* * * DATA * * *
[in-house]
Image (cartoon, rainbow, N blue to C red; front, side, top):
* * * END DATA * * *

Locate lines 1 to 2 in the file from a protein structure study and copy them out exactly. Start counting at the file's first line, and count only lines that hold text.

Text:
[in-house]
Image (cartoon, rainbow, N blue to C red; front, side, top):